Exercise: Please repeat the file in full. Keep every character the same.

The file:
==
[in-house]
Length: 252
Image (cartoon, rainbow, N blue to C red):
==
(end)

[in-house]
Length: 252
Image (cartoon, rainbow, N blue to C red):